With the end of the OTW racing season, it’s time to take stock and decide where to go from here.
First, a quick assessment of how this season went. Basically, it was a pretty up and down experience. I did much better this year avoiding injury, but I still struggled balance work, life and training. Here’s what that looks like from a training load perspective.
A few key markers. Went into July of 2017 in pretty good shape, then between travel and vacation, I lost fitness. I jumped back in and hurt my back and struggled through the rest of the season, recovering just a little bit by late October, when I had my disappointing HOCR outing.
In November I did fitness testing to get a baseline and started working with Marlene Royle. Over the next couple of months, things went well and I redid the 20′ and 75′ tests, gaining 15W on the 20′ test and 7W on the 75′ test.
After January 1st, I was plunged into a very heavy period at work and I struggled to train consistently. This pattern continued all the way to the beginning of OTW season and although I was hoping to do focus on some sprint training and do a 1k event in early July. But, my work kept me so busy that my training was still a mess. I was so frustrated with the lack of training time that I cancelled out of the races.
I was so strung out that I contemplated quitting. But I decided that rowing was something that was keeping me sane, and the competitive part of it was the most motivation thing for me. But what was the right way to deal with balancing it all out. I decided that I needed to set my goals on doing one head race. I was hoping it would be the HOCR, but I’d be OK with any head race. And I put together a short, simple training plan to work on middle distances.
Luckily, that also coincided with a period of a bit less travel at work, and I managed to get more consistency in my training volume. I posted these ideas on August 14th. And from there, things started clicking. I formalized the plan into a weekly schedule by the end of August. And from there, I did a pretty good job following the plan. The following table shows the number of sessions planned of each type and what I actually did. So over 8 weeks, I missed 2 short interval sessions, 1 long interval session, 1 steady state session (if you count cross training as steady state). I had 4 extra “rest” days, but in actuality, many of the rest days were actually travel days, which don’t have any training value nor do they have any recovery value.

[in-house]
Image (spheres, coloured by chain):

The result was a steady improvement in fitness through September and October.
I was happy with my performance in the Snake Race, and then did a round of fitness tests. These tests showed that I was in better shape than last year by a fair margin.
Compared to a year ago.
- Peak power: +21W
- 1000m: +20W
- 20′ test: +15W
- 75′ test: +13W
So, a strong end to a pretty spotty season.
So, what’s next?
Step 1: Decide on goals.
Planned testing and races
- End of Nov, Dec, Jan, Feb: 20′ test
- End of March: Fitness Tests (Peak Power, 1K, 20′, 75′)
- Early June: Provincetown Coastal Regatta (8km, Head race)
- Mid October: Quinsigamond Snake Race (4km, Head Race)
- Late October: HOCR (5km, Head Race)
Additional Goal: My weight is up to 209lbs. I would like to weigh less than 195 when I get back on the water on April. I will start tracking weight.
Step 2: Rough Training blocks
- November – January: General Prep
- January – March: Optimize 10km erg performance
- April – June: OTW, develop plan for optimal 40′ perf
- July – October: Head Racing Prep
Step 3: Plan out each block
I’m only going to plan out block 1 right now. In this block I would like to reduce my erg volume and add in core and strength training. The rough outline is:
- Monday: rest
- Tuesday: Core, Strength, optional 30′ SS
- Wednesday: Alternate Long and short intervals by week
- Thursday: Core, Strength, optional 30′ SS
- Friday: Core, 60′ steady state
- Saturday: Hard Distance
- Sunday: 80’+ Steady State
Any of the steady state sessions can be replaced with cross training.
More details on the strength plan coming soon.